SPORTS DRINKS, BARS, OR GELS: WHICH ARE BEST?
There are so many products out there that claim they will enhance athletic performance. Three commonly used products are: sports drinks, energy bars, and energy gels. Are there benefits to using one over the other? Let’s take a look . . .
Research has been done on all of the above products. Keep in mind; however, there are many brands of each product, and research may not have been conducted on all products sold. In general, using a sports drink has been shown to not only improve performance, but, in one study, runners who drank the sports drink ran faster and felt that the race was easier compared to runners who drank a placebo. Note: It is important that a placebo is used in studies in order to be sure that the changes that a researcher observes are due to the effects of the intervention, not just by chance.
As far as energy gels are concerned, research has also shown that they may be helpful for athletes, too. A recent study conducted at California State University at Sacramento compared the use of a gel to a placebo. Although the researchers did not assess performance, they did report that there were higher levels of blood glucose (sugar) in the athletes who consumed the gel compared to the placebo group. One can speculate that this higher blood glucose will be used for energy, and thus, spare stored carbohydrate, called “glycogen “, in the muscle. Since the gels do not provide fluids, it is important to drink plenty of fluids, as well.
How do energy bars rate? Well, several researchers have investigated the effectiveness of solid versus liquid carbohydrates. It doesn’t seem to matter if you take in solid or liquid carbohydrates, but, it does matter that you also drink water with solid carbohydrates. If athletes like the taste of energy bars, it may be worthwhile for athletes to try them; since they are convenient and athletes can keep several energy bars in their sports bag for quick energy boosts.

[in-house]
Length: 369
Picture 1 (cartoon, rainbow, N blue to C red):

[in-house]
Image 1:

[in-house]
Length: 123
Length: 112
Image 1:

Sports drinks provide both energy and fluid and may be best for some individuals who either dislike the taste of energy gels or bars, or who cannot handle consuming semi-solid or solid forms of carbohydrates, respectively, when they practice or compete. As mentioned above, energy gels and bars have shown positive results for athletes in studies, but it must be emphasized that water still needs to be consumed. As a guideline, an athlete should consume between 5 to 12 ounces of water every 15 minutes. For activity lasting less than 1 hour, water alone is sufficient.
Strenuous activity lasting over an hour requires both fluid and energy replacement (15-30 grams of carbohydrate every 1/2 hour, which translates to 8-10 ounces of sports drink, 1 standard-size gel packet, or 1/2 of an energy bar). Another thing to remember: energy gels and bars may be convenient but are expensive. Furthermore, unless athletes have a taste for energy gels and bars, these products may not be for them. Finally, whenever athletes want to try new dietary regimens, always have them do so during practices, in case athletic performance is negatively affected.
Some researchers have suggested that, depending on how quickly a food is able to raise blood sugar, there may be an effect on performance. This concept is known as glycemic index. This might mean all sources of carbohydrates in food products (including bars, gels, and drinks) are not the same.